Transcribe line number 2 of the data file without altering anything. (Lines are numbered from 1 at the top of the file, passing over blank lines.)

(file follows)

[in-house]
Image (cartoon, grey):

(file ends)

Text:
Image (cartoon, grey):